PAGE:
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After the terrible shootings in Arizona, some folks rushed to use the spilled blood as fuel in their political machines. Some hurried to blame the right, especially Sarah Palin and her infamous map of “surveyor symbols.” Others leaped to place the blame on the left.

Among the more reasonable folks and experts the consensus arose that the shooter was motivated by neither the right nor the left. Rather, he seemed to have made his choice under the influence of his own troubled mental states. As such, the blame seems to rest (as it should) primarily on the person who pulled the trigger. This incident did, of course, raise legitimate concerns about various relevant issues such as whether or not more laws should be created in the hopes of preventing another incident like this one.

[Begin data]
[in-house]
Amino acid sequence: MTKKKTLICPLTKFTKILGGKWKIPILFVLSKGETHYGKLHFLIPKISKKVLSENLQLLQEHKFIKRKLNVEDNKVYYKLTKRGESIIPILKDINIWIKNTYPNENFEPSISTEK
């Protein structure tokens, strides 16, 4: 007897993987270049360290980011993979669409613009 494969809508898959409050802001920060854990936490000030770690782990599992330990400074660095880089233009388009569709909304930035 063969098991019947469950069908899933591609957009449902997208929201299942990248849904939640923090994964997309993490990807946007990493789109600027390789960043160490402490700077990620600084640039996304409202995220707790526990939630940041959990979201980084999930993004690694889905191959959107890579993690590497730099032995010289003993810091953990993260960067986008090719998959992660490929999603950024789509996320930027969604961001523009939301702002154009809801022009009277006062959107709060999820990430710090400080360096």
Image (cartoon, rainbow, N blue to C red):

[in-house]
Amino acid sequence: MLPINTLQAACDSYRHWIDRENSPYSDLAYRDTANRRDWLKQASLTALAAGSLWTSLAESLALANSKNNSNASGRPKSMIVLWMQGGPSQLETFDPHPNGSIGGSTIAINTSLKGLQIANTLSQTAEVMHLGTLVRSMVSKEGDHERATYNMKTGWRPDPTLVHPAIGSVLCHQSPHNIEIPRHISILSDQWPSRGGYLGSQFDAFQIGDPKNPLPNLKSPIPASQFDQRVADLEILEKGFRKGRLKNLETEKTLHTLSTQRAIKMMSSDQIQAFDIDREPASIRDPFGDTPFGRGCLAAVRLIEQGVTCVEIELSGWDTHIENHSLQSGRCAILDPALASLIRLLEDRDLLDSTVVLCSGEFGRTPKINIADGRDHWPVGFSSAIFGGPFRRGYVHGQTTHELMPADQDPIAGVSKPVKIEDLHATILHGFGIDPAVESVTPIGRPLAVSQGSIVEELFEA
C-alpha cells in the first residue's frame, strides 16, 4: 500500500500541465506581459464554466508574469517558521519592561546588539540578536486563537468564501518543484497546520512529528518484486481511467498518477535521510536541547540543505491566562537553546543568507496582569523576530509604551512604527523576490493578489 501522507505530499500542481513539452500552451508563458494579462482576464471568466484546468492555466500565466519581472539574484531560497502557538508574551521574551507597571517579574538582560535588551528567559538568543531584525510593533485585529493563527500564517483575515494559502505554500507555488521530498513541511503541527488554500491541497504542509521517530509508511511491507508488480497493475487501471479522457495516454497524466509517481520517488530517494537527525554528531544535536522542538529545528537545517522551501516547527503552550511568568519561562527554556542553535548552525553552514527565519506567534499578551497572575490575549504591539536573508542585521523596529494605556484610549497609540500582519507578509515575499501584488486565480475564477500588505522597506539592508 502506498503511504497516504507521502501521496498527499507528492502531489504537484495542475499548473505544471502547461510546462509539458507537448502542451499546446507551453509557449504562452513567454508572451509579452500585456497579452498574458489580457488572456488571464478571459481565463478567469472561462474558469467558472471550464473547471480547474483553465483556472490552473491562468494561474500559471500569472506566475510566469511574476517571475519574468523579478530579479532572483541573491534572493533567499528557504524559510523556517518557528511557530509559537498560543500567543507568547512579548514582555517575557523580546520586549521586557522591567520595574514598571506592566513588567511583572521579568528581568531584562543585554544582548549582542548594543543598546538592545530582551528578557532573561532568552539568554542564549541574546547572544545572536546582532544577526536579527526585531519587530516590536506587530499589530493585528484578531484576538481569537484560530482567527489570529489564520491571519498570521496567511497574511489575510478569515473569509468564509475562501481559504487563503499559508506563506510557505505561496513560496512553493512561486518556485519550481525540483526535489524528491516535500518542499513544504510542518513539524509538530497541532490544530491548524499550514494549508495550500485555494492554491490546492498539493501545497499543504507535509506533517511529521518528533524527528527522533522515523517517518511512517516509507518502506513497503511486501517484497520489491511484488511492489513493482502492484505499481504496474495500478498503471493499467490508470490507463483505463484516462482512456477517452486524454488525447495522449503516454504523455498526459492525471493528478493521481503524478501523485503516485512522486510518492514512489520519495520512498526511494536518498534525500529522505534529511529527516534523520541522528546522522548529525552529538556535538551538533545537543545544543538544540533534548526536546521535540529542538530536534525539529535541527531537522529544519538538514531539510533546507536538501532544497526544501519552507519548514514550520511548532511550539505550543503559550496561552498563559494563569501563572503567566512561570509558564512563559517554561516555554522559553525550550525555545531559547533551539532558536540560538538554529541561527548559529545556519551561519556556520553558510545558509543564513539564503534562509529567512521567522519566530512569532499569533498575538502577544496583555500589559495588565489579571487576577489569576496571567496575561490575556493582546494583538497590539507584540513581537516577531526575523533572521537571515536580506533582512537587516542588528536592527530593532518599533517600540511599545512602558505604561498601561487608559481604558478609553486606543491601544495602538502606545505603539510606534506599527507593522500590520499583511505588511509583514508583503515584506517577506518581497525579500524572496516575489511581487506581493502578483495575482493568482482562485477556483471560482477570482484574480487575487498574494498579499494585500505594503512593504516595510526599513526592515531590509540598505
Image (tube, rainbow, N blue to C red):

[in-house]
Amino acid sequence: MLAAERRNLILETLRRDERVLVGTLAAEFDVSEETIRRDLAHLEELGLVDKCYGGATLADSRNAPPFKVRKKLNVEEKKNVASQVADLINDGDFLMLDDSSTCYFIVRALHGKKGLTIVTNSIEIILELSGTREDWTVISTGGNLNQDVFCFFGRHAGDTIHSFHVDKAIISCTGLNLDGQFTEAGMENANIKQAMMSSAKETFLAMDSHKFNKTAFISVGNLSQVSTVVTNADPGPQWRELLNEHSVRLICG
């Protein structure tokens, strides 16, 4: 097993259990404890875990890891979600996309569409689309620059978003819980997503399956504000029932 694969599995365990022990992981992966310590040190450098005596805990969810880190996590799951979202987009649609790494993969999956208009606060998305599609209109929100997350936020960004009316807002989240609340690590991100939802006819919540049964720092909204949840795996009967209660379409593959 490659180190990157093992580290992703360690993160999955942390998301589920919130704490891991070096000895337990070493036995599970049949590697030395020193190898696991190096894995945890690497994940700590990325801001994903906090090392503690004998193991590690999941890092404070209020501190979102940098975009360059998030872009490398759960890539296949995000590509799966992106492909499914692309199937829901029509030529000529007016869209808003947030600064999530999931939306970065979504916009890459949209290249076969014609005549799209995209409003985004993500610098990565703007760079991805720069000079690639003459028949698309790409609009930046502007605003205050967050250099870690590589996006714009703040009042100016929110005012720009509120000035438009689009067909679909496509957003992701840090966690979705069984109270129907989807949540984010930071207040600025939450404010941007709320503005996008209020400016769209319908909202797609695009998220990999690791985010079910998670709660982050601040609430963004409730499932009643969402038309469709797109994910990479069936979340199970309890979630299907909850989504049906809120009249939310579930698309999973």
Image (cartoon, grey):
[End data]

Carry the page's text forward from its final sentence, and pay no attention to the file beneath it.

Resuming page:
Some people do, of course, want to pass laws against  speech containing violent rhetoric and images that are suggestive of violence-at least when these are directed at politicians.  The hope is, naturally enough,  that such laws will help prevent future incidents.

Those who traffic in angry rhetoric were quick to angrily denounce such proposals as violating their right to free expression. While I am not in agreement with the angry rhetoric, I do agree that such laws would tend to violate that right. I also contend that such new laws are neither needed nor desirable.

One reason to not add new laws is the obvious fact that actual threats of violence are already against the law. As such, there does not seem to be a compelling need to add new laws to make illegal what is already illegal.

However, some of the suggestions involve laws that go beyond outlawing actual threats. The idea seems to be that new laws should cover vaguely threatening rhetoric and suggestive images.